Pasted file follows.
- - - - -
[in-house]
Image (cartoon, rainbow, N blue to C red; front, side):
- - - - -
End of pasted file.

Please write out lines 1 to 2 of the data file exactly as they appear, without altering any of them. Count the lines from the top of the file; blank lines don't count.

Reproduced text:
[in-house]
Image (cartoon, rainbow, N blue to C red; front, side):